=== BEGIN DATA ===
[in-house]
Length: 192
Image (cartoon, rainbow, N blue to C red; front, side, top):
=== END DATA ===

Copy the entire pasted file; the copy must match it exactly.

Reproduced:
[in-house]
Length: 192
Image (cartoon, rainbow, N blue to C red; front, side, top):